Legislators may make moves on port security

| 3/1/2006

As the Dubai port controversy continues to swirl, several Republican lawmakers are planning action to tighten regulations and increase funding for port security.

Congressional Quarterly reported that the chairs of several key senate committees – including the Armed Services Committee and the Homeland Security Committee – were calling for additional funding for security to be attached to either the fiscal 2006 supplemental spending bill covering Iraq and Hurricane Katrina or to the fiscal 2007 spending and authorizing bills.

These calls come in the midst of a 45-day review period of a controversial deal that would give a company owned by the country of United Arab Emirates – Dubai Ports World – control over some operations at a number of U.S. ports, including six major ports.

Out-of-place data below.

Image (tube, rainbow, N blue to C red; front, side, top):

Sen. Judd Gregg, R-NH, chairman of the Appropriations Subcommittee on Homeland Security, said the Homeland Security Department is woefully under funded and called for $1.2 billion to be found in the 2006 fiscal budget for the department.

MSNBC reported that legislators in New York and New Jersey have been flooded with calls objecting to the port deal, and several members of Congress are still working on legislation to block the deal, in spite of veto threats from President Bush.

Pennsylvania Gov. Ed Rendell, meanwhile, told MSNBC that there is a simple way to prevent Dubai Ports World from taking over operations in Philadelphia’s Tioga Marine Terminal.

Rendell said the lease on the terminal ends in May and, if the deal goes through, the state can simply re-bid the contract.